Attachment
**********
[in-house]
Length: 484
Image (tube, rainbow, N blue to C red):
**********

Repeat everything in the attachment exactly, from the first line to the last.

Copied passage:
[in-house]
Length: 484
Image (tube, rainbow, N blue to C red):